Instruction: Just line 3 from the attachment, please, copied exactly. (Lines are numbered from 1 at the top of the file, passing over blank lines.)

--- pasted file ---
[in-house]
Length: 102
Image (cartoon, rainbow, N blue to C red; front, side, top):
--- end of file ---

Image (cartoon, rainbow, N blue to C red; front, side, top):